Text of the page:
What were you doing in 1996? You remember ’96, right? Jerry McGuire, Independence Day and Fargo were in the theaters. Everybody was dancing the “Macarena”? In the technology world, 1996 was also a big year. Among other, less notable developments: two obscure graduate students, Larry Page and Sergey Brin, introduced a novel search engine called “Backrub.” Elsewhere, a software engineer named Markus F. X. J. Oberhumer published a novel compression algorithm dubbed LZO. Written in ANSI C, LZO offered what its author described as “pretty fast compression and *extremely* fast decompression.” LZO was particularly adept at compressing and decompressing raw image data such as photos and video. Soon enough, folks found their way to LZO and used it. Today, LZ4 – based upon LZO – is a core component of the Linux kernel and is implemented on Samsung’s version of the Android mobile device operating system. It is also a part of the ZFS file system which, in turn, is bundled with open source platforms like FreeBSD. But the true reach of LZ4 is a matter for conjecture. That’s a problem, because way back in 1996, Mr. Oberhumer managed to miss a pretty straight-forward, but serious integer overflow vulnerability in the LZ4 source code. As described by Kelly Jackson Higgins over at Dark Reading, the flaw could allow a remote attacker to carry out denial of service attacks against vulnerable devices or trigger
the flaw could allow a remote attacker to carry out denial of service attacks against vulnerable devices or trigger remote code execution on those devices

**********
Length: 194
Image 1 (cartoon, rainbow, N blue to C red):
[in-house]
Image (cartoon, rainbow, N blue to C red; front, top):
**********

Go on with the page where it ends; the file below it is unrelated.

remote code execution on those devices – running their own (malicious) code on the device. The integer overflow bug was discovered during a code audit of LZ4. Twenty years later, that simple mistake is the source of a lot of heartbleed…err…heartburn as open source platforms, embedded device makers and other downstream consumers of LZ4 find themselves exposed. Patches for the integer overflow bug were issued in recent days for both the Linux kernel and affected open-source media libraries. But there is concern that not everyone who uses LZ4 may be aware of their exposure to the flaw. And Mr. Bailey has speculated that some critical operating systems – including embedded devices used in automobiles or even aircraft might be vulnerable. We really don’t know. As is often the case in the security industry, however, there is some disagreement about the seriousness of the vulnerability and some chest thumping over Mr. Bailey’s decision to go public with his findings. Writing on his blog, the security researcher Yann Collett (Cyan4973) has raised serious questions about the real impact of LZ4. While generally supporting the decision to patch the hole (and recommending patching for those exposed to it), Mr. Collett suggests that the LZ4 vulnerability is quite limited. Specifically: Collett notes that to trigger the vulnerability, an attacker would need to create a special compressed block to overflow the 32-bits address space. To do that, the malicious compressed block would need to be in the neighborhood of 16 MB of data. That’s possible, theoretically, but not practical. Legacy LZ4 limits file formats to 8MB blocks – maximum. “Any value larger than that just stops the decoding process,” he writes, and 8MB is not enough to trigger a problem. A newer streaming format is even stricter, with a hard limit at 4 MB. “As a consequence, it's not possible to exploit that vulnerability using the documented LZ4 file/streaming format,” he says. LZ4, Mr. Collett says, is no OpenSSL. In response to Collett and others, Bailey wrote an even more detailed analysis of the LZ4 vulnerability and found that attackers actually wouldn’t be limited by the 8MB or 4 MB limit. And, while all kinds of mitigating factors may exist, depending on the platform that LZ4 is running on, Bailey concludes that exploits could be written against the current implementations of LZ4 and that block sizes of less than 4MB could be malicious. While some modern platforms may have features that mitigate the risk, “this is the kind of critical arbitrary-write bug attackers look for when they have a corresponding memory information disclosure (read) that exposes addresses in memory.” While the LZ4 vulnerability debate has become an example of security industry “insider baseball,” there is (fortunately) a larger truth here that everyone can agree on. That larger truth is that we’re all a lot more reliant on software than we used to be. And, as that reliance has grown stronger, the interactions between software powered devices in our environment , has become more complex and our grasp of what makes up the software we rely on has loosened. CA Veracode has written about this before – in relation to OpenSSL and other related topics. It may be the case that the LZ4 vulnerability is a lot harder to exploit that we were led to believe. But nobody should take too much comfort in that when a casual audit of just one element of the Linux Kernel uncovered a 20 year old, remotely exploitable vulnerability. That discovery should make you wonder what else is out there has escaped notice. That’s a scary question.